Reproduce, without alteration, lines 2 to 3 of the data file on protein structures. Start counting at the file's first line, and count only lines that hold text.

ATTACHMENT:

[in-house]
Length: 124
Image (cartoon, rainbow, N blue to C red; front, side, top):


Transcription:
Length: 124
Image (cartoon, rainbow, N blue to C red; front, side, top):